I am an EU national married to a US citizen with a son under 2 years old, who has dual citizenship (my home EU country + US). We all reside in Switzerland, which is not part of EEA, but is part of Schengen, and have valid residency permits (which for my spouse functions also as a Schengen visa as far as I understand).

Our son's American passport is a 'temporary' 1-year old passport. He does not have an EU passport yet.

Recently my spouse and son went to visit family in the US while I stayed home. They flew directly from Switzerland and had no issues boarding the inbound flight, even though my son passport's validity expires in less than 6 months from the return date.

During their return trip 2 weeks later, the airline's check-in desk staff refused to issue boarding passes, citing my son's passport expiry date as the reason. They suggested having a new passport issued (which due to my absence would not be possible). Eventually due to my spouse's persistence they let them on board, but I would like to know if the airline's stance was justified, as I already started having thoughts of my family being stuck in an administrative limbo until I flew to the US to have my son's passport renewed (where I can also be denied entry to make matters more interesting).

The question I have is:

  • Is it true that in this case (return flight to the country of residency) the airline could get fined ~$20k or was it just ignorance of the airline's staff, applying a blanket US -> Schengen travel rule?

If they were right, what is the legal framework for such denial of boarding (I guess it must be entry rules for Switzerland/Schengen)?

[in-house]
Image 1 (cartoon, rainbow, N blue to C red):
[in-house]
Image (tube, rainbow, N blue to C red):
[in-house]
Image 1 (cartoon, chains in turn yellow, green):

closed as too broad by Giorgio, Newton, choster, Willeke Jul 24 '18 at 19:17

Please edit the question to limit it to a specific problem with enough detail to identify an adequate answer. Avoid asking multiple distinct questions at once. See the How to Ask page for help clarifying this question. If this question can be reworded to fit the rules in the help center, please edit the question.

  • US citizens do not need additional passport validity to be boarded on a flight to the US; the passport only needs to be valid on the date of arrival. That explains why your son was allowed to fly to the US. I would think that passport validity rules would not apply to someone with a valid residence permit; they normally apply only to visitors. For example, the Schengen passport validity rule applies only to "intended stays...of no more than 90 days in any 180-day period." But Swiss law controls this; I don't know what it says. You should be able to renew your son's US passport in Switzerland. – phoog Apr 18 '18 at 19:28
  • It's also not necessary for you to appear in person to apply for your son's passport; see travel.state.gov/content/travel/en/passports/…. Further to the previous comment, you don't need to apply in the US; you could also go to Bern. See usembassy.gov/switzerland. Lyon and Milan are other options that might be more convenient, depending on your location in Switzerland. – phoog Apr 18 '18 at 19:34
  • Does your son have a valid "Ausländerausweis" (Foreigner Identification Card) for switzerland? If so, they can't refuse entry. – Daan van Hoek Apr 19 '18 at 15:20
  • 1
    A U.S. citizen has the right to enter the U.S. Even the passport is expiring today the airline can't refuse the U.S. citizen from returning to the U.S. – Michael Tsang May 18 '18 at 9:41
  • VTC: OP has not returned since the initial question, which is difficult to answer absent the clarifying info requested via comments. – Giorgio Jul 23 '18 at 18:56

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